Wafer-thin on hard wood
With "Formations", the Biesenbach Gallery shows new works by the Japanese artist Hideaki Yamanobe
BY HEIDRUN WIRTH
"Formations" is the title of the exhibition in which Hideaki Yamanobe is showing his larger and smaller pictorial worlds at Galerie Biesenbach.
They play with what is visible and with what is perhaps not yet or no longer visible. How else could one see the very delicate clouds of colour applied to an almost equally bright colour ground. Whereby the word colour already denotes a much-too-much, because the finest differences between ivory light and misty grey are rather "achromatic" on a colour scale.
But even there, where the "colour" becomes strong, up to the deepest concealing black of an enormous ink cloud, power and dynamics become all the more perceptible, but colour is also absent here.
It is the basic tensions between brightness and darkness that are expressed in the work of the artist, who was born in Tokyo in 1964, and for which no colour is needed. The tension persists through all shades.
Despite the reduced behaviour (or perhaps because of it), everything seems precious, the wafer-thin collaged silk papers on the wooden support, the sanded edges that produce black lines under the sanding of the many layers, precisely because at some point there was a black in between. But all this still does not remain in the diffuse.
There are the five black lines, drawn as if with a ruler, which clearly, concisely and precisely represent a house, this time on a reddish background. "Square Garden" is the ambiguous title, which in this archaic, completely transparent five-line house form also thematises the garden. The "formations" given in the exhibition title are extremely different picture for picture.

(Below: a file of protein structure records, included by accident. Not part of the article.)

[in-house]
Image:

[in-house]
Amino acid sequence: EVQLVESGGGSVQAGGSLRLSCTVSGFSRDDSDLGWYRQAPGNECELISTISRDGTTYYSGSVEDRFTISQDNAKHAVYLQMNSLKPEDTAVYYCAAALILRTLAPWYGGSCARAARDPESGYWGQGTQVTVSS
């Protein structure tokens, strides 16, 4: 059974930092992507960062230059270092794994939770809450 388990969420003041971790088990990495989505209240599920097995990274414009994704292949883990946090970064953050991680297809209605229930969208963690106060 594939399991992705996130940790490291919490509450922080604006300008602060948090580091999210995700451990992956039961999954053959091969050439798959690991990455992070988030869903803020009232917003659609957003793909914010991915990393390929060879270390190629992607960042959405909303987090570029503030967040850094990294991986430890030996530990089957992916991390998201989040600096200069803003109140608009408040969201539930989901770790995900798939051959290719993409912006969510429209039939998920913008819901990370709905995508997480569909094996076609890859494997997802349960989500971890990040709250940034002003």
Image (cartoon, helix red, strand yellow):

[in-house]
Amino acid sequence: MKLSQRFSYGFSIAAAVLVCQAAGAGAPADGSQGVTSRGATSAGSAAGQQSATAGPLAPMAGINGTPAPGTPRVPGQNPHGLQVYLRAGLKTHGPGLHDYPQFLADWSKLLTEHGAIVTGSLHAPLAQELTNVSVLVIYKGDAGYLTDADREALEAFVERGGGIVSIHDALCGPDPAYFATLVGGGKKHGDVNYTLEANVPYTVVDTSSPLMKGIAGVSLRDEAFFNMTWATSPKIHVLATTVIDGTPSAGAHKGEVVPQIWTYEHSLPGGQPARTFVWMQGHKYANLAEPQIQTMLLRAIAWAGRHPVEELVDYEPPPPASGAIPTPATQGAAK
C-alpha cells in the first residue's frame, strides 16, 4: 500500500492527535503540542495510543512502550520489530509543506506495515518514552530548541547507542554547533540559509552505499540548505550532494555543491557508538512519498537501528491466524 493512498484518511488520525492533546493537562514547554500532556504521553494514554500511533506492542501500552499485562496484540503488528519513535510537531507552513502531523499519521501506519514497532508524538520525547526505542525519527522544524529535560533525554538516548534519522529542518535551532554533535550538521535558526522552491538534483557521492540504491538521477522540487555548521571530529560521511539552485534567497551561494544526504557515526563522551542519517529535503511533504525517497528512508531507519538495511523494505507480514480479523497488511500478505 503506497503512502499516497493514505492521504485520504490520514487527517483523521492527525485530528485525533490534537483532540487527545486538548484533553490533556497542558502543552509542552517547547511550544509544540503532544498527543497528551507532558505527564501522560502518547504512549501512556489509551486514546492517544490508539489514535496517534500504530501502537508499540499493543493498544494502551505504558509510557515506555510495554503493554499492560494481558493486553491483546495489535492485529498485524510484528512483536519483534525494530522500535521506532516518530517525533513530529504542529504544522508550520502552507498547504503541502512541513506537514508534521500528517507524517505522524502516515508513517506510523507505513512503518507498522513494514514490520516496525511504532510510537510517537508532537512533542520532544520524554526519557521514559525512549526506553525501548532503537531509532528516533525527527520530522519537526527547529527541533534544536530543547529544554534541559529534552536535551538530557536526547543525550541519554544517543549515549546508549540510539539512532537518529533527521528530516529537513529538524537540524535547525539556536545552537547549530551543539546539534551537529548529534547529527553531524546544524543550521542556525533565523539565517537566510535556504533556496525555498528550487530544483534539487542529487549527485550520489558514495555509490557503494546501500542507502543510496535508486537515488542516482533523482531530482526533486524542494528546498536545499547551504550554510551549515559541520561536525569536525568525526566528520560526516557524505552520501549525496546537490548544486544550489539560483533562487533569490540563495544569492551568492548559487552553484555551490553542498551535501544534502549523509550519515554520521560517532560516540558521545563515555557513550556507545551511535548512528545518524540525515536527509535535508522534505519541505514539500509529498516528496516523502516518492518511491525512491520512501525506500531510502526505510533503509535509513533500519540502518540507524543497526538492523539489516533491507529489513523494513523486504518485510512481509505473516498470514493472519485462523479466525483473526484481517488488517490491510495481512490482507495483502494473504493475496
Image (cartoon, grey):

References to nature are everywhere, you just have to take a little time and perhaps think a little the other way round, when in "Snowy Night" a jet-black hill lies on top of the horizon line of a white picture field. The surfaces have it in them to shift like natural events, like fates or like the whims of people. And you can see that the poetry is always free.
The materials are versatile. Acrylic and sand are used, that fine gampi paper in which the leaves of the daphne are processed, Japanese inks and even the sticks of traditional fans, which the artist uses for squeegeeing.
Hideaki studied art in his native city and received a scholarship to study printmaking in Basel. He now lives and works in Cologne, Düsseldorf and Tokyo.
A new feature is the collaboration with composer Matthias Pintscher, who also perceives the paintings acoustically and thinks they can be heard visually: "We encounter silence and a very personal depth of expression."
Until 30 Sept, open Wed to Fri 12-6 p.m., Sat 12-4 p.m., Zeughausstrasse 26. Prices range from 800 to 12 150 euros.